Things used in this project

Hardware components:
11028 01
SparkFun Triple Axis Accelerometer and Gyro Breakout - MPU-6050
×1
11026 02
Jumper wires (generic)
×1
12002 04
Breadboard (generic)
If you just want to solder it together, you don't need this, but we suggest using pin headers for the gyroscope and wires.
×1
A000066 iso both
Arduino UNO & Genuino UNO
Nearly any Arduino will work for this, though the Uno is the standard Arduino.
×1

Schematics

Gyroscope wiring
This is a diagram of the wiring for this project. all 3 modes are filled in, so if you want you can use the breadboard, circuit or schematic view to wire your version!
gyroscope_wiring_dhq9thabFT.fzz

Code

WIP stablized gyroscopeArduino
Simply set up your gyroscope, plug the code in, and watch the fun on the serial monitor or serial plotter. Your numbers will be in degrees, but this is still WIP and may not work completely or at all.
/**
        _
   _  _ \_\  _
  |_|  /_\_\ | |_
          \_\
version 1.0.0 . this work is free to use by anyone, but please credit it if you are using it.
**/


#include<Wire.h>
#include<Serial.h>
/**
 * the #include 's are to tell the program to import the two libraries instead of writing them all out.
 * wire lets the gyroscope and the arduino communicate over the ic^2 connection.
 */
#define gyro_address 0x68 
/* change this number to the ic^2 adress of your gyroscope (in Hexidecimal, so find that column and ad a 0x if there isn't one), 
 *  though if you don't have one already, an Invenesense MPU-6050 will make the code work without edits.
*/
void setup() {
  int16_t accel_x, accel_y, accel_z, temp, gyro_x, gyro_y, gyro_z; 
  /**the int16_t defines 16 bits per variable. 15 can be used, but computers prefer 8, 16, 32, etc. change the number
   * to change the bits. these are left blank because the first thing to happen in the loop is them being filled with
   * the gyroscope's value. the math used has to be altered though, so some gyroscopes may use more bits. at this point,
   * you really need the documentation for the gyroscope.
   */
  Wire.begin();
  Wire.beginTransmission(MPU_addr);
  Wire.write(0x6B);  // PWR_MGMT_1 register
  Wire.write(0);     // set to zero (wakes up the MPU-6050)
  Wire.endTransmission(true); //set this to false, and it doesn't end. simple enough, right?
  
  Wire.beginTransmission(gyro_address);
  Wire.write(0x6a);
  Wire.requestFrom(gyro_adress, 1, true);
  int usercontrol = Wire.read();
  Wire.endTransmission(true);
  Serial.begin(9600); 
  /**initiate 'Serial' library. most arduinos use 9600 baud (bits per second) but some use different amounts. 
   * again, check the documentation.*/
   double x_rotation = 0, y_rotation = 0, z_rotation = 0; 
   //these double variables have double the bits as others, so they can be longer and therefor more specific.
}

void loop() {
  // put your main code here, to run repeatedly:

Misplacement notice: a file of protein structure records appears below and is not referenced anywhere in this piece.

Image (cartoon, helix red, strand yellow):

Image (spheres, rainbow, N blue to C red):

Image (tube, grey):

}
Code version 1.1.0Arduino
This is an updated version of the code, with a few improvements but no filter or math yet..
/**
        _
   _  _ \_\  _
  |_|  /_\_\ | |_
          \_\
version 1.1.0 . this work is free to use by anyone, but please credit it if you are using it.
**/


#include<Wire.h>
/**
 * the #include 's are to tell the program to import the two libraries instead of writing them all out.
 * wire lets the gyroscope and the arduino communicate over the ic^2 connection.
 */
#define gyro_address 0x68 
/* change this number to the ic^2 adress of your gyroscope (in Hexidecimal, so find that column and add a 0x if there isn't one), 
 *  though if you don't have one already, an Invenesense MPU-6050 will make the code work without edits.
*/
int16_t accel_x, accel_y, accel_z, temp, gyro_x, gyro_y, gyro_z; 
/**the int16_t defines 16 bits per variable. 15 can be used, but computers prefer 8, 16, 32, etc. change the number
   * to change the bits. these are left blank because the first thing to happen in the loop is them being filled with
   * the gyroscope's value. the math used has to be altered though, so some gyroscopes may use more bits. at this point,
   * you really need the documentation for the gyroscope.
   */
  
void setup() {
  Wire.begin();
  Wire.beginTransmission(gyro_address);
  Wire.write(0x6B);  // PWR_MGMT_1 register
  Wire.write(0);     // set to zero (wakes up the MPU-6050)
  Wire.endTransmission(true); //set this to false, and it doesn't end. simple enough, right?
  
  Wire.beginTransmission(gyro_address);
  Wire.write(0x6a);
  Wire.requestFrom(gyro_address, 1, true);
  int usercontrol = Wire.read();
  Wire.endTransmission(true);
  Serial.begin(9600); 
  /**initiate 'Serial' library. most arduinos use 9600 baud (bits per second) but some use different amounts. 
   * again, check the documentation.*/
   double x_rotation = 0, y_rotation = 0, z_rotation = 0; 
   //these double variables have double the bits as others, so they can be longer and therefor more specific.
}

void loop() {
  Wire.beginTransmission(gyro_address);
  Wire.write(0x3B);  // starting with register 0x3B (ACCEL_XOUT_H).this number may change depending on how the gyroscope transferrs data.
  Wire.endTransmission(false);
  Wire.requestFrom(gyro_address, 14, true); // request a total of 14 registers (again, it may be different for your gyroscope)
  accel_x = Wire.read() << 8 | Wire.read(); // 0x3B (ACCEL_XOUT_H) & 0x3C (ACCEL_XOUT_L)
  accel_y = Wire.read() << 8 | Wire.read(); // 0x3D (ACCEL_YOUT_H) & 0x3E (ACCEL_YOUT_L)
  accel_z = Wire.read() << 8 | Wire.read(); // 0x3F (ACCEL_ZOUT_H) & 0x40 (ACCEL_ZOUT_L)
  temp = Wire.read() << 8 | Wire.read(); // 0x41 (TEMP_OUT_H) & 0x42 (TEMP_OUT_L)
  gyro_x = Wire.read() << 8 | Wire.read(); // 0x43 (GYRO_XOUT_H) & 0x44 (GYRO_XOUT_L)
  gyro_y = Wire.read() << 8 | Wire.read(); // 0x45 (GYRO_YOUT_H) & 0x46 (GYRO_YOUT_L)
  gyro_z = Wire.read() << 8 | Wire.read(); // 0x47 (GYRO_ZOUT_H) & 0x48 (GYRO_ZOUT_L)
  /*
   * these 7 variables look familiar? we defined them as nothing in setup(). these store the raw values of the gyroscope.